HL Deb 03 December 1974 vol 355 cc62-5

2.48 p.m.


My Lords, in the hope of getting a more satisfactory Answer, I beg leave to ask the second Question which stands in my name on the Order Paper.

The Question was as follows:

To ask Her Majesty's Government to state the total sums made available to the kingdom of Jordan since 1958 either in cash or in the provision of armaments.


My Lords, since 1958 we have made available to Jordan, in both grants and loans, a total sum of the order of £51 million. Of this, a sum of the order of £24 million was grants, £25 million development loans, and the balance of some £2 million military assistance.


My Lords, can my noble friend tell us whether there have been any beneficial results? What have we gained from these financial concessions which this country could hardly afford, and which King Hussein and his friends put to ill use by, so far as can be ascertained, actually selling some of the equipment to other countries without our consent?


My Lords, our relations with Jordan are long and close. They date at least from the 1946 Anglo-Jordanian Treaty, to which my noble friend was a party as a member of the Government that concluded it. Since then, over a long period of years, the amount of aid made available to this key country in the Middle East has not been excessive. In the matter of military assistance it has been very small indeed, and over the past seven years since 1967 there has been only one relatively minor contribution by this country to the military might of Jordan.


My Lords, since my noble friend has recorded an item of military history with which I am, of course, familiar, would he not agree that the personalities of that period, and particularly Abdullah, were much more sincere and wholehearted friends of the United Kingdom than King Hussein?


My Lords, I would very much hope that my noble friend, on reflection, might agree that Jordan under King Hussein may prove to be one of the moderating influences in this very troubled and difficult region.

Several Noble Lords: Hear, hear!


My Lords, is the noble Lord aware that many of us admire the courage of King Hussein?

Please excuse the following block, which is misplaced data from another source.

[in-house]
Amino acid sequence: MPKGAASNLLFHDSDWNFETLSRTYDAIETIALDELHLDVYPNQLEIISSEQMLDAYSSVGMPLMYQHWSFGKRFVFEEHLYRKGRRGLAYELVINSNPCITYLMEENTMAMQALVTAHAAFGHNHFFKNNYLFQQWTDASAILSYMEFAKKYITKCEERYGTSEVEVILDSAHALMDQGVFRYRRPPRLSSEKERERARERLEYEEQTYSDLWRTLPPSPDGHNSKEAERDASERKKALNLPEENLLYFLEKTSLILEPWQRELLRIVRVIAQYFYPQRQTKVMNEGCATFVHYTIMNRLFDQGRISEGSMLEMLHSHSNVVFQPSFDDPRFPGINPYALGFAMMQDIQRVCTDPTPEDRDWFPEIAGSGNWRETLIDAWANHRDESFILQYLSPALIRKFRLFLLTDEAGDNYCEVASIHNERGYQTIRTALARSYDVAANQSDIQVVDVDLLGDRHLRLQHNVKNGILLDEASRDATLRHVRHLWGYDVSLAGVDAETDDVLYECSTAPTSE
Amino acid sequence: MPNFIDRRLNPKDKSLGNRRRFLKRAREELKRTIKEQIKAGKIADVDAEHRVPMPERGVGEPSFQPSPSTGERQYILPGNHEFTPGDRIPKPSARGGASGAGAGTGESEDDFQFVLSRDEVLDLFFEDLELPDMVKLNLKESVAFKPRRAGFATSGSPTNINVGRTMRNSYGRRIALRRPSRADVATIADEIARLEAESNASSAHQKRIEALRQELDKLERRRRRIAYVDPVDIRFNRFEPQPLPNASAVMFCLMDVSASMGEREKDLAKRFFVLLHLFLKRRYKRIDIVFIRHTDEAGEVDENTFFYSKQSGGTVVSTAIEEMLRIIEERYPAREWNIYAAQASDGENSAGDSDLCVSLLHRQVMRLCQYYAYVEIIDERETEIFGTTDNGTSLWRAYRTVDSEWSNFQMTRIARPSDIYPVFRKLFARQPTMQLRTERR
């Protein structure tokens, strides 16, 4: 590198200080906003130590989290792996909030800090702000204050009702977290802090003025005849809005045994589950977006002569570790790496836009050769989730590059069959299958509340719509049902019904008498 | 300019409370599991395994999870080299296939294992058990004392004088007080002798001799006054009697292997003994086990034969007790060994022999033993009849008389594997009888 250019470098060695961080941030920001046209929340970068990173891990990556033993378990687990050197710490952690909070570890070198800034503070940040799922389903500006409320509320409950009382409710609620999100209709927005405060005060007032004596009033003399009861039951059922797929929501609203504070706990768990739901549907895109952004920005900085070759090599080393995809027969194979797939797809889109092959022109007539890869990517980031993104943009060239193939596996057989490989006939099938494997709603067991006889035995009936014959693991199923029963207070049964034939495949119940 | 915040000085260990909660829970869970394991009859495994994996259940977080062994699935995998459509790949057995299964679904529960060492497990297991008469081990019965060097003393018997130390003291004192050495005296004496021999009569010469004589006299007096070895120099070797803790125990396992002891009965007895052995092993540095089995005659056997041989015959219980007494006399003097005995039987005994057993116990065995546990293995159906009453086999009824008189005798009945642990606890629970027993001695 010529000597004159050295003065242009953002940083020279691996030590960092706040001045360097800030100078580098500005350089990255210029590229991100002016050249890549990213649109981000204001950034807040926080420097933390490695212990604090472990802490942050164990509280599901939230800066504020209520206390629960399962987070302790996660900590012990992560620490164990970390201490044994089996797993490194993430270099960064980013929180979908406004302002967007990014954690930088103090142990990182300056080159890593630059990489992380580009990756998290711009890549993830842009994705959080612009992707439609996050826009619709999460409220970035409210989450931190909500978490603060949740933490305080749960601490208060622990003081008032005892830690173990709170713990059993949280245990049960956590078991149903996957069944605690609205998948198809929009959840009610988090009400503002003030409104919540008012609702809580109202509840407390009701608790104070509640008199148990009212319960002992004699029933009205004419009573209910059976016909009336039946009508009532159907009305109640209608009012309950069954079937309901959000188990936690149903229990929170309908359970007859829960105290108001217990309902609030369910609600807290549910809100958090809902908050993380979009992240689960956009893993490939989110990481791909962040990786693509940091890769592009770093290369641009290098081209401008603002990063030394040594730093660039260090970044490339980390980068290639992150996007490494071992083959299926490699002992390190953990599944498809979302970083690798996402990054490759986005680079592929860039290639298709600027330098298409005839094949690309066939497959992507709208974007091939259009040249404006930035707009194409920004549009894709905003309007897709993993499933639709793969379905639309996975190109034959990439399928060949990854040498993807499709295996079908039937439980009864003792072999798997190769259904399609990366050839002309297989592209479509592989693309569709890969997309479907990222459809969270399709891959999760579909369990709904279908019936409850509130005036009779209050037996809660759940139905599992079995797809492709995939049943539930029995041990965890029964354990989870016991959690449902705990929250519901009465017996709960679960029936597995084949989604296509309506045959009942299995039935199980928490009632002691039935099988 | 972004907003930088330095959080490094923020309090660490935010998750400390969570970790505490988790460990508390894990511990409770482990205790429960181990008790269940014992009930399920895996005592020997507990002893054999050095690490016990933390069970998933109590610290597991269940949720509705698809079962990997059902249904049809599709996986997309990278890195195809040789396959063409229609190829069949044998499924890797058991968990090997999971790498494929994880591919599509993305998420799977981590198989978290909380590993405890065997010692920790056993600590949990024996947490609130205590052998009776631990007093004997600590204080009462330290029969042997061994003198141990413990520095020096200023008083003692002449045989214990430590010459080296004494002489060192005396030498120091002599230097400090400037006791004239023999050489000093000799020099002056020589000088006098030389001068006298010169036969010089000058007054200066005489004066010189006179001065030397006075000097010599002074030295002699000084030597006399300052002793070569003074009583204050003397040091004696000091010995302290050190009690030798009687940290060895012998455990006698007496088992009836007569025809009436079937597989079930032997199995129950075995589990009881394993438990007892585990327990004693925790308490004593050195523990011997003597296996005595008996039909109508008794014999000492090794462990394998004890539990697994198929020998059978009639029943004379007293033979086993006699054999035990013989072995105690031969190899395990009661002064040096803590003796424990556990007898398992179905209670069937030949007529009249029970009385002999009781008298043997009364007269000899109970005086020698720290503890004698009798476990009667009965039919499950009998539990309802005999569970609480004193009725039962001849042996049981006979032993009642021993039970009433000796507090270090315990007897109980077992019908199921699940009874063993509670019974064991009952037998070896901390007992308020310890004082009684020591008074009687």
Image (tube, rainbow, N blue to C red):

My Lords, I share in that admiration personally.


My Lords, is my noble friend aware that I want him to exclude me from that piece of flattery from the noble and learned Lord, Lord Hailsham?


My Lords, however long and close our association with Jordan has been—and it has been long and close—does it entitle us today in our present parlous financial condition to supply arms to it in order that Jordan may supply those arms to other countries?


My Lords, we are not making available anything like excessive aid to Jordan, or indeed to any other country. Indeed, the question of aid is constantly under review and is based on the criterion of development. As to the provision of arms, I agree with my noble friend that this is a very difficult question. Successive Governments have attempted to strike a balance which it was hoped would conduce to a settlement of this problem and the attainment of a just and durable peace.


My Lords, in his original Answer, my noble friend said something like "of the order of" a large sum of money. We are hearing this term very often. Will he give any indication as to what "of the order of" means, when it is related to large sums like this?


My Lords, I used the phrase "of the order of £51 million". However, if it would assist my noble friend and the House I would endeavour to give this in somewhat more precise detail. But I think the picture given of a total sum of £51 million or so in a substantive Answer is most helpful to the House.


My Lords, can the Minister say whether it is a fact that part of this military aid to Jordan has been sold to the Republic of South Africa and conveyed to Rhodesia?


My Lords, none of it was conveyed to Rhodesia. We have had assurances from the Jordanian Government to that effect. Unfortunately, some of it was resold to South Africa. May I take this opportunity of stressing once more that it is a normal condition that when our Ministry of Defence makes available to overseas countries any equipment from this country it shall not be re-sold to any other country. If it is not needed, then it should be offered back to the firm providing it from this country.


My Lords, would the noble Lord say whether this aid is still continuing, and, if it is, would he say whether any additional conditions will be tried to stop the transfer of any of the arms or equipment from Jordan to any other country?


This condition, of course, has been, and will continue to be, imposed on all provisions, all sales, of arms from this country to other countries. We have received assurances from the Jordanian Government that they will not in the future place themselves in the position in which they found themselves a few weeks ago, and we accept their assurances.